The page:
Chlorite is a general name for several minerals that
are difficult to distinguish by ordinary methods. These
minerals are all apart of the Chlorite Group of minerals.
The chlorites are often, but not always considered a
subset of the larger silicate group, The clays.
The general formula for chlorite is (Fe, Mg, Al)6(Si,
Al)4O10(OH)8. However there are several different minerals
that are apart of the chlorite group of minerals. The
above formula is only a generalization of the more common
members of this group. In order to see a list of most
of the chlorite group minerals with their respective
formula, see the discussion of the Chlorite Group.
For practical reasons most of the chlorites will be
considered here as a single mineral, chlorite. Chlorites
are generally green and crystallize in the monoclinic
symmetry system. They all have a basal cleavage due
to their stacked structure. Chlorites typically form
flaky microscopic crystals and it is this reason that
they are sometimes included in the clay group of minerals.
However chlorites also form large individual tabular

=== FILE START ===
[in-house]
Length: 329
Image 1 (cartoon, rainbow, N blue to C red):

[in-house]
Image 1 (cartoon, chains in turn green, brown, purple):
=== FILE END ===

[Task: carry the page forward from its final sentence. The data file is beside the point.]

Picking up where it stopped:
to platy crystals that are unlike most of the other
clay minerals. Chlorites are most often known to mineral
collectors as inclusions in or coatings on quartz, danburite,
topaz, calcite and many other minerals. The inclusions
are usually a very strong green color despite the small
amount of material that actually constitutes the inclusion.
These inclusions and coatings can be an enhancement
but are more often a bane to what might have been a
really valuable mineral specimen. The chlorite inclusions
in clear quartz are particularly interesting when they
form as a coating on a crystal early in its development.
Because if the crystal later grows larger, ie. out and
around the chlorite coating, the effect will be to produce
a phantomed crystal. A phantom is a crystal that appears
to have a smaller crystal inside of it. Many times the
interior "crystal" is indistinct or ghostly
and thus the name phantom. There are many minerals that
make up the chlorites and thus many varieties. One variety
is called kaemmererite and is a variety of the chlorite
clinochlore. Sometimes kaemmererite is called chromian
clinochlore because of the increase chromium content.
It is the chromium that gives kaemmererite its bright
lavender to deep crimson red color.